Feed on
Posts
Comments

Did you know that the “computers” that you are use in the computer labs on the first and second floor of Gleeson Library and in the Psychology department in Kalmanovitz Hall aren’t real computers? Eerie, right? But no, aliens have not come onto campus and mind warped you into thinking that what you were working on were computers, when they weren’t. Rather, it was the geniuses of the ITS department that have switched out the regular computers that you’re used to, with something called virtual computers. Before you get ahead of yourself, no, virtual computers aren’t invisible computers.

Let me ask you a question — the last time you were in these specific labs, did you see a big rectangular box on the table next to you or under the desk, next to your feet? Probably not, because IT’S NOT THERE! Ooh, now it sounds like I’m mind warping you. After all, this big rectangular box is the actual computer where all of the processing takes place. The reason that you probably haven’t noticed this is because you don’t typically interact with this device in a lab — all you use is the screen, keyboard, and mouse. So how could you be on a computer, without having a computer? And that’s what I’m getting it. They’re not traditional computers — they’re virtual computers.

Taylor Jackson in Virtual Computer Lab

Taylor Jackson uses a virtual computer in one of the Gleeson Library computer labs

Some of the more observant of you might have noticed that there’s a tiny rectangular box strapped to the base of your screen. If you haven’t seen this box, don’t feel bad because it’s only about eight inches long, four inches wide, and one inch deep, and lab users who don’t know what it is, could confuse it with some type of security device.

The small box is called a thin-client, and it is a simple, really tiny computer with no hard drive. On its own, the thin client can’t do basic computer functions like opening and using a Word document or Excel spreadsheet (the horror!) but don’t fret; the thin client can still connect to the Internet.

To make up for its limited functionality, the thin client connects through the campus network to something called a server which supplies its operating system and the applications you want to use. This server is a little like iCloud. The servers make it possible for the thin-clients to do almost everything a normal computer can do. These are called virtual desktop environments.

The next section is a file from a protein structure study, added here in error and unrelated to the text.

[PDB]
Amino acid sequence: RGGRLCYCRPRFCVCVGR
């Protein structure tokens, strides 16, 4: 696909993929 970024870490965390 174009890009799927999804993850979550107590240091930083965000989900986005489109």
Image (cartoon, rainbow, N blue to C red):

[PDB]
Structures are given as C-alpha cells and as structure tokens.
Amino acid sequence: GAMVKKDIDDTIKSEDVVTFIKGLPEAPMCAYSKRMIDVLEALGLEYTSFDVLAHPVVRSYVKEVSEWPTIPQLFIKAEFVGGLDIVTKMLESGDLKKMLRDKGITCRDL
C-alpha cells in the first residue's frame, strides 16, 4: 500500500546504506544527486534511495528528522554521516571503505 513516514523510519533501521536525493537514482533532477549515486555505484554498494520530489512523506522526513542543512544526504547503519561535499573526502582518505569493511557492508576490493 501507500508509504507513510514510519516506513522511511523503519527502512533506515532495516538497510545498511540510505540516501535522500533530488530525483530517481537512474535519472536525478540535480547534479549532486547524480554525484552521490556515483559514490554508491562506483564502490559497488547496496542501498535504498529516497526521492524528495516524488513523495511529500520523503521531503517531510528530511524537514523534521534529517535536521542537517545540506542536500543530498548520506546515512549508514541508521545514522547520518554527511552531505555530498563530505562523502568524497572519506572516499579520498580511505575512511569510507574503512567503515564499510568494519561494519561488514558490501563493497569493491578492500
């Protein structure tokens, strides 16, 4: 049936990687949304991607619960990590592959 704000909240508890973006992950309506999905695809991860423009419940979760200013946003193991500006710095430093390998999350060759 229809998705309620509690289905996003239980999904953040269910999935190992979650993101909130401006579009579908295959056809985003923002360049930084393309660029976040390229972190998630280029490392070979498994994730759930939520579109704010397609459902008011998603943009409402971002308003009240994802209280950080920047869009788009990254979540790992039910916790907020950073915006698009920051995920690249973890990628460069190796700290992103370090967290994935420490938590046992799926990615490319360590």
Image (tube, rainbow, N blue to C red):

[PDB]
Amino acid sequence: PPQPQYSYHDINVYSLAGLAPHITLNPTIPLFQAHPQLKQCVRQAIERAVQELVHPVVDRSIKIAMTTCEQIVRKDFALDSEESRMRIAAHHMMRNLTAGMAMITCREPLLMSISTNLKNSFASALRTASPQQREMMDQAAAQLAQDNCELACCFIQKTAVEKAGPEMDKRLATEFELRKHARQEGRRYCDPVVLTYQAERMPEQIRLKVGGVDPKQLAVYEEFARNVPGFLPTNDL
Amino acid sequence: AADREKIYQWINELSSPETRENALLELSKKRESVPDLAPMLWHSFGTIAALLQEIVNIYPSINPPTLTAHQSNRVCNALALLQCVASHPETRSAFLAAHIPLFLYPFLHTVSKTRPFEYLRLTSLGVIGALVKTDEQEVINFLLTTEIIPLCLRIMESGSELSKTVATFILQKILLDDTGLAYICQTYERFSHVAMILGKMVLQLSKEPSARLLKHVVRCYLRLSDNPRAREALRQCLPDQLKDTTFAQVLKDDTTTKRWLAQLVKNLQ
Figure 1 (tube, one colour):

The thin client has an earphone jack, a microphone jack, and USB ports. To save your documents, you can plug in your thumb drive and drag your documents onto it. Or, you can upload them into your Dons Apps (Google Drive) or email them to yourself.

The downside with this is that all of the thin clients in all of the on-campus labs run off of the servers in the ITS datacenter. This means that if too much high-powered performance is required from the servers at the same time, the thin clients will function slowly because everyone in that lab will be using the server. This is because you are not given the whole server for yourself. Rather, you share it with the other thin client users. Therefore, it is suggested that you use a real computer for applications like Photoshop that require large amounts of memory and processing power.

Because of such performance considerations, Michael Ong, ITS director of Enterprise Systems Infrastructure, is not recommending the replacement of all of the computer labs with virtual computers. Rather, ITS is rolling them out gradually, so that they can gauge the type of usage students put the lab computers through to ensure the environment is able to provide them with the best user experience. ITS will monitor what the students need, and fine-tune the server capacity and resources for the virtual desktop environment.

Another reason that not all of the labs can be converted into virtual desktop environments at this time is because many classes take place in labs, and so the entire lab is starting up at the same time. Therefore the lab is going to need faster processing while handling a concurrent volume in order to reduce the time for the system to load everything for them. (This is called a boot storm.)

Because the thin-clients are so simple compared to full computers, they are significantly cheaper. They only use 11 watts of energy in comparison to the 200 watts that a typical computer uses, saving the University energy costs. If you read our previous blog post Computer replacements to return to three- and four-year cycles, you’ll know that all University-owned computers have a specific useful life, and then they must be replaced on a regular basis. But because thin clients have very few parts, they have a much longer life, and so they don’t need a replacement cycle. Also, only the few “real” computers (in the datacenter) that the virtual computers connect to need to be managed and taken care of. This lowers the cost of administration because rather than maintaining software and security on hundreds of computers, ITS only has to manage the central servers.

So the initial price of buying the thin clients and its servers costs more money, but the ongoing lower maintenance and energy costs of these virtual computers makeup for it. That way, the money can be recycled back to fund a variety of new, upcoming projects to add or improve technology for the USF community.

Basically, virtual computers are awesome.

Leave a Reply

*